Every morning I take spironolactone, a blood pressure pill, not for my blood pressure (normal) but for my endocrine system (destroying my life with a testosterone flood). As I swallow the orange circle, I think about how weird and cool and fucked up medicine can be, which is what this column is about, so hello, I’d like to start here.
Here is 1959, when spironolactone (“Spee-ro” and “Spy-ro” both sound sophisticated IMHO) was born as a potassium-sparing diuretic for the treatment of high-blood pressure. What does that mean, exactly? Think of a blood vessel as a garden hose: when you put a thumb over the nozzle, water builds up and pressure increases. When you drain water, pressure decreases. A diuretic is any substance that makes you pee, thus removing water from the body. When it comes to spironolactone, the “potassium-sparing” part refers to keeping potassium from getting thrown out, too.
Spironolactone is also a specific kind of diuretic: a synthetic steroid mineralocorticoid receptor antagonist. Let’s break this down. A synthetic steroid is a compound that can be produced in a lab and that, when introduced to the body, behaves like a hormone. Mineralocorticoids, which influence the amounts of salt and water stored in the body, are a type of steroid normally produced in the adrenal glands. (“Ad” = adjunct, “renal” = kidneys–they’re li’l buddies that sit on top of the kidneys.) A receptor antagonist blocks other molecules from binding to the receptors, which are the outward-facing parts of cells that trigger changes in cell behavior. In order to access receptors, synthetic spironolactone molecules compete with molecules of organic aldosterone, a naturally produced adrenal hormone that holds on to salt and water. When spironolactone wins, salt and water lose.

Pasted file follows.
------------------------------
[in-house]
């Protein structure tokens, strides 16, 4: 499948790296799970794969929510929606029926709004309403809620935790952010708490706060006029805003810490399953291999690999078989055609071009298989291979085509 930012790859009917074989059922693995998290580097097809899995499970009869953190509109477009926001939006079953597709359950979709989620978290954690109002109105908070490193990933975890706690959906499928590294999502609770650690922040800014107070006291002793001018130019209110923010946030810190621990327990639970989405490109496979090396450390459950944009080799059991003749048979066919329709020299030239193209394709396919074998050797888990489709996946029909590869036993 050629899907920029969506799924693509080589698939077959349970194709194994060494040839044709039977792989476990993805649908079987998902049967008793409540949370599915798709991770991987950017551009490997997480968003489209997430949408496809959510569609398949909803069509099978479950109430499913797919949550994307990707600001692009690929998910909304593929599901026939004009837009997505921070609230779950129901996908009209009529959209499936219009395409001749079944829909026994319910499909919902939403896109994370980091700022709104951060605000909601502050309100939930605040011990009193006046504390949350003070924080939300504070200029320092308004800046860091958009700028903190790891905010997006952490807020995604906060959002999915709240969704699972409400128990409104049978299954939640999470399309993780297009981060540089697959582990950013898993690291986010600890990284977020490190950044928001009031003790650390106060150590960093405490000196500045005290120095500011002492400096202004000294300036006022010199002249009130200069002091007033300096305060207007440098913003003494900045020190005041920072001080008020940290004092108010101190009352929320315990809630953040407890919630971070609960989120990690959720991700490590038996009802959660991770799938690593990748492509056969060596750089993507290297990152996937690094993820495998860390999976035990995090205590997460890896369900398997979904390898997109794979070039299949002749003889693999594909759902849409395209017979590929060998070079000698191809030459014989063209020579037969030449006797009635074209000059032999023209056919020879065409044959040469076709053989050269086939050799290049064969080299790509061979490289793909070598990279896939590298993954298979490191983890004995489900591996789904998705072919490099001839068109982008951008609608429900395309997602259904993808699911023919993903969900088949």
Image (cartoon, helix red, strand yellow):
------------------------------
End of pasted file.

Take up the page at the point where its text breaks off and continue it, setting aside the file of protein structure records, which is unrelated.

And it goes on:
Except: causes of hypertension (high blood pressure) are usually multifactorial, and reducing salt and water in the body doesn’t really do too much to solve the problem. In fact, prescribing spironolactone alone for hypertension is strongly discouraged, because it . . . kind of sucks at that. Also noted at the time of its introduction were spironolactone’s now well-known sexual side effects: breast pain and gynecomastia (growth of male breast tissue) in men and menstrual irregularities in premenstrual women. Spironolactone is not very “specific,” which is to say that it’s shaped kinda like all the steroid hormones. When it shows up, testosterone (and progesterone, and cortisol) receptors are like “good enough!” and bind with it.
So that’s spironolactone’s big 1959 debut: available to the public as a shitty blood pressure drug that nobody should use because it did weird stuff with people’s sex hormones. But, while pharmaceutical companies typically submit medications to the FDA for a single and specific indication (in the case of spironolactone, lowering blood pressure), approval means the drug can be prescribed for any reason. After the FDA says yes? That’s when the label comes off, baby.
A 2012 paper from Mayo Clinic Proceedings describes the practice of “off-label use” as “prescribing currently available and marketed medications but for an indication (e.g., a disease or a symptom) that has never received Food and Drug Administration (FDA) approval.” A 1987 paper published in Fertility and Sterility notes that “a number of fortuitous clinical observations during the past two decades indicated that administration of spironolactone improved hirsutism and acne vulgaris.” (“Hirsutism” means “excessive” body hair; “acne vulgaris” is just a ruder medical way to say acne.) The paper goes on to present evidence of the drug’s antiandrogenic properties–that is, anti-testosterone properties–”that previously had been disregarded,” and affirms spironolactone’s “increasingly widespread use” as an antiandrogen, rather than as a hypertension treatment.